When I first moved away from home and lived overseas by myself for a year when I was 18, it was the days of mix tapes (yes, I know – the dark ages!). I guess these were our version of a playlist, but we couldn’t adjust them without frantic use of the fast forward or rewind buttons…
Anyway, I prepared for that year by making two mix tapes specifically to help manage my emotions. The first one was called “happy songs” and the second, “sad songs”. Hmm, not such a master of creative naming!
My parents, siblings and boyfriend of the time all thought I was crazy to create a sad songs tape.
But you know, by listening to those sad songs when I was homesick, missing friends and family or just feeling down about the endless grey skies and rain (England in winter is a shock after an Aussie summer), I would allow myself to be sad, cry a little, and then start to feel better.
You see, I did know something about myself and how to feel better.
When you are feeling sad, embrace it, don’t fight it.
And interestingly, when you take that approach, the sadness lifts after a little while and you feel better.
Interestingly, fifteen years later it took a tragedy to remind me of this lesson.
When we lost our second son, the sadness and grief was all-encompassing; a physical pain in my heart and corresponding ache in my empty arms. I had no choice but to embrace sadness as I was not capable of doing anything else.
But it wasn’t long before I started to try and jolly myself along and not let myself be sad. I would deny the sad feelings, and try to soldier on. That was not helpful.
Through experience I have found that when I resist and fight my emotions, they don’t go away. The emotions loiter and reassert themselves, often with greater ferocity than if I had just let them be expressed when they first appeared. So I end up feeling worse for longer.
It is at those times when I need to give myself permission to accept the sadness, and just be with it.
Our emotions are temporary states, and once we have expressed and exhausted that emotion, our bodies naturally move back to a more neutral state. Another way of saying this is;
Express the sadness, exhaust it and then you will start to feel better.
It might be that today you just feel ‘blah’ and bit sad for no apparent reason. It happens to all of us! Sometimes we just have those days, where we can’t point the finger at why, but we are just a little fragile and teary. We feel sad.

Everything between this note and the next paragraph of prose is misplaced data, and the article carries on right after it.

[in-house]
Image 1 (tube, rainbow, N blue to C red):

Or you may have been through an upsetting experience, such as the loss of someone you love, divorce, job loss or a bad break-up, and you are sad and grieving. It’s okay to embrace the sadness.
Do not let anyone, including yourself, tell you to ‘hurry up’ with your sadness and grief, to ‘move on’ or ‘get over it’. Grief and sadness are personal. You might need a year, a month, a week or a day to feel sad; it’s personal and therefore, completely okay to take your time.
My suggestion is, when you are feeling sad, do something that allows you to BE SAD. Although it may seem counter-intuitive to put on some music that doesn’t cheer you up, or do something that may make you feel even more sad, try it for a little bit. By doing this, you are giving yourself permission to express the emotion. It’s not an instant fix, but it does help slowly and gradually.
Sad is normal. Sad is healthy. Sad is necessary to heal. We must experience sadness in order to appreciate the feeling of happiness.
It is tough to acknowledge the emotion and feelings that come up when they are not how we want to feel. But, if sad is the way you are feeling today then perhaps try going with it, exhaust it and see if you feel better sooner.
If you feel like you are experiencing too many sad days and would prefer to have more joyful days, consider downloading my free gift “6 days to Change your Life” which will help you to have more days filled with Joy, Hope and Love. Simply subscribe to the newsletter and the gift will be sent to you.